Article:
Creating the garden itself was the easy task. Measuring in at just 12.5m x 6.9m, the Centre knew that in order to make the most out of the small space it would be essential to make sure every millimetre counts. Sitting in the shadow of the BT tower, we were also guided by the nuances of the existing buildings; the outside wall of the disused swimming pool, the flat roof of the electrical sub-station, the grand Georgian windows and the huge party wall with its strong vertical dimensions. These marked out the boundaries of the courtyard. From within the Centre itself, we wanted to make most of the bridge at the top of the stairs which now allows for a perfect vantage point from which to capture a sweeping view of the entire courtyard. We wanted to achieve intimacy, calm and a sense of seclusion.

To the side of the electrical sub-station, hidden from view, stands a small sentry shed imported from Germany, which is perfect for the gardening equipment. At the base of the steps that lead up to the disused swimming pool sits the decommissioned Smeg fridge which will house a small outdoor library. An uncomplicated and low maintenance design, the copper topped gazebo with its easy elegance dominates the centre of the space giving form and resonance to the structure of the garden, offering both shelter in the rain and use as a buggy park, which is very practical. In 1877 one in every three children in the area died before the age of five. Disease spread quickly as a result of overcrowding. While those threats no longer remain, the development of children and family services is important for both the Centre and the future of Fitzrovia as a residential area.

Here and there are classical touches: the mural adds a focus of interest, the impact of the Moroccan water feature visually extended by under-planting with Cordyline. The mosaic table gives a nod to the Romans who invaded in 43 AD, nearly 2,000 years ago, and built the road where Oxford Street is now. On the roof of the sub-station stands a sheep. A donation from the British Library, it is a reminder that the area of Fitzrovia was once pasture land. There is a surprise element that works well, a 21st century urban fox. With an eclectic mix of furniture, the garden is enveloped in swathes of bunting.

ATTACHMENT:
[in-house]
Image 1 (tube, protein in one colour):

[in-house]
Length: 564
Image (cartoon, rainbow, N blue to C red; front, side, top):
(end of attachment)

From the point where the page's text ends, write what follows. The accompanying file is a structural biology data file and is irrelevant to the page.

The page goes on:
Much of the garden is frost free in the winter, and cool in the summer. Its size and scale made it easier to invest in good quality plants. Suppliers including Homebase provided much of the larger evergreens and specimen plants. A simple mixed planting of small trees, magnolia and acer, and shrubs like the large leaved false castor oil plant (Fastia Japonica), red robin and bay, mingled with thoughtfully combined herbaceous perennials, the general tone is restful and subdued. Small beds were constructed to provide balance to the oversized planters which are assembled to create different levels and frame the enclosed space. The whole area is now carpeted with an immaculate lawn.

“It was a case of people giving up some of their time or lending their own particular skill/product to the project that wouldn’t take up much of their time or cost them much at all. Had we gone out into the market and looked for this, from a financial point of view the project never would’ve got off the ground. The businesses involved have gotten as much out of the project as we have – those involved wanted to be more active in their local community,” explains Edward.

To the back of the garden, along the wall of the disused swimming pool is a topiary garden of bay and yew under-planted by blue lobelia and to the left, behind the up-cycled sofa, the 6m high bamboo provides a partial screen. Large structural tropical plants, such as the Mediterranean fan palm and Chinese windmill palm sit comfortably with silver variegated holly and other evergreens. Elsewhere there are hostas, ferns, euphorbia, hardy and ornamental sage. Cascades of colour are provided by annuals which will die back to allow for seasonal planting.

It is hoped that the garden will evolve in time, a goal that will require the continued support of volunteers to maintain it. It is also available for hire. Towards the end of the summer when the nights grow shorter, the bunting will be replaced by 1000 Led lights in the autumn. The Centre also hopes to develop a pop-up café. The first Indoor/Outdoor exhibition is due to take place in the spring of next year when we will be introducing ArtFitzrovia. At present, on display is a photographic exhibition by Julian Foy featuring local tailor Paul Kitsaros of Cleveland Street.

Over 250 people came out to support the opening, bringing new people to the Centre. Having been awarded the initial community grant of £30,000 from Derwent London we never imagined how successful the project would be.

Shabnam Eslambolchi

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Shabnam Eslambolchi